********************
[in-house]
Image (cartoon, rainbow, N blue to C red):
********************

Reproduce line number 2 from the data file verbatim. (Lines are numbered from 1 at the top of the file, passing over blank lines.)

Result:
Image (cartoon, rainbow, N blue to C red):